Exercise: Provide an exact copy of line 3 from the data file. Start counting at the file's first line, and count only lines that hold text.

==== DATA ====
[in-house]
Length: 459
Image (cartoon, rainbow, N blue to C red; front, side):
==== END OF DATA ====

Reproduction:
Image (cartoon, rainbow, N blue to C red; front, side):